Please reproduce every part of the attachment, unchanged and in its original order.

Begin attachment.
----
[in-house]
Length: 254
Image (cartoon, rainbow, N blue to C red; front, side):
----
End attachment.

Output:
[in-house]
Length: 254
Image (cartoon, rainbow, N blue to C red; front, side):